That Was The Week That Was,
February 26 – March 3, 2024

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Dear all,

Last week the following items were published on idrottsforum.org (see below; language and publication dates, YYMMDD, in brackets). Click on the red headings to go to content. Utilize the Google Translate service to turn Scandinavian language pages into (some sort of) English.
Have a great week,
Kjell Eriksson
Editor

Book Reviews


Den sista utposten: En berättelse om svensk fotboll [The last outpost: A story about Swedish football], by Noa Bachner

AIK FF currently owns 52.8 percent of the votes in AIK Fotboll AB. (Shutterstock/Michael715)

Noa Bachner’s reportage and debate book The last outpost: A story about Swedish football (Mondial) is about how Sweden survived the horrors of modern football. About a people’s movement that resisted. About member democracy and a sense of authenticity that the rest of the world mourns that it has lost. Sara Karlén, who will soon submit her dissertation in sports science on the tifo culture in Swedish and international football, describes Bachner’s book as something of an eye-opener for people like her who is already in the know, and as extremely instructive for those who have just opened their eyes to the question. (Book and review in Swedish, published 240227.)

Traditional Sports and Games in the Conemporary World: The New Face of Sport?, by Bartosz Prabucki

Good crowds and fair weather attend the 2019 Arisaig Highland Games beside the silver sands of Morar in Scotland UK. (Shutterstock/SeraphP)

Having read Bartosz Prabucki’s Traditional Sports and Games in the Contemporary World: The New Face of Sport? (Cambridge Scholars Publishing) – claimed by the publisher as “a captivating story about traditional sports and games in the current world”, our reviewer Helge Chr. Pedersen has very little to say in favor of the book. He finds the publisher’s failure to provide a guiding editorial hand at fault, as well as the author’s lack of depth and critical analysis. (Review in English, published 240229.)

Skitstöveln som trejdade Wayne Gretzky: Och andra berättelser om NHL [The idiot who traded Wayne Gretzky: And other NHL stories], by Jon Andersson

The Famous Wayne Gretzky’s sports bar and restaurant on Blue Jay’s Way in the entertainment district of Toronto. May 15, 2020. (Shutterstock/sockagphoto)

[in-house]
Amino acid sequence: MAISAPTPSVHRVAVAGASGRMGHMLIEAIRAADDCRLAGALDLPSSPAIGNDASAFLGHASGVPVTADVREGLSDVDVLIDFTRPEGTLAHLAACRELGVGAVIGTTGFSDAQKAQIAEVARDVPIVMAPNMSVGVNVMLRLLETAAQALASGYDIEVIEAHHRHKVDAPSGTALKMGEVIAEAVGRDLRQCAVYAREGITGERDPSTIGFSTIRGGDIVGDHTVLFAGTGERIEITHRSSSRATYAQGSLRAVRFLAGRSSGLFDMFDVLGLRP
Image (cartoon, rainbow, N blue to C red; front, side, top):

In his book The idiot who traded Wayne Gretzky: And other NHL stories (Bokförlaget Atlas), journalist Jon Andersson goes behind the headlines and tells stories about the world’s best hockey league, which you rarely read about on the sports pages or hear about in the daily reporting. Tobias Stark lifts his hat (helmet?) for Andersson’s stories, a narrative sports journalism that is common on the other side of the Atlantic and that is too rarely expressed in our country. (Book and review in Swedish, published 240301.)


New Blog Posts


Getting fired up by firing rockets, by Mads Skauge

Completely against the run of play, Ajax won the doubleheader against Bodø/Glimt. A number of controversial refereeing decisions, especially the home game in Bodø, are discussed in social media. But the play-off of the match was just as controversial. The supporter group Ultras Bodø, which for the record is not directly part of the umbrella organization J-feltet, set off fireworks outside the opposing team’s hotel, Scandic Havet, in the center of Bodø on the night of match day. (Published in Norwegian 240229.)

Shared scarves and shared sympathies?, by Mads Skauge

Another European club with proud traditions visited Aspmyra recently, namely Ajax. Ahead of the second leg, Glimt sold scarves with the club’s own colors and logo on one half – and the Ajax colors on the other. A so-called half’n half scarf. When they advertised this on social media, it sparked a discussion. Some actually expressed their annoyance. Among these were both Glimt supporters and supporters of other teams. How could a scarf create so much engagement? What could this be an expression of? The Half’n Half scarves divide football fans, both abroad, in Norway and in Glimt’s own stands. (Published in Norwegian 240229.)


New Issues of Scholarly Journals


(We’re currently reviewing this service, since it’s a rather time-consuming undertaking. In the meanwhile we’re presenting some of the journals in line with the Forum’s core mission.)

  • European Sport Management Quarterly, Volume 24, 2024, Issue 1 | Agency and Institutions in Sport (240226)
  • Idrott, Historia & Samhälle | Sport, History & Society, Vol. 2023 (240226)
  • Sociology of Sport Journal, Volume 41, 2024, Issue 1 (240226)
  • Scandinavian Journal of Sport and Exercise Psychology, Vol. 5, 2023 | Open Access (240227)
  • International Review for the Sociology of Sport, Vol. 59, 2024, No. 1 (240302)

News items (calls for papers, vacancies, etc.)


Svenskledda världsunika studien kan ge explosivare damfotboll med hjälp av effektivare tester och träning [A Swedish-led world-unique study may provide more explosive women’s football with the help of more effective tests and training] (240229)

Call for Papers | “Murmurations”, The 11th International Conference of Autoethnography | July 23–24, 2024, The Engineer’s House, Clifton Village, Bristol, UK. Call ends March 29, 2024 (240301)

Call for Papers | British Society of Sports History Annual Conference | Chichester University, August 22–23, 2024, Call ends May 7, 2024 (240303)


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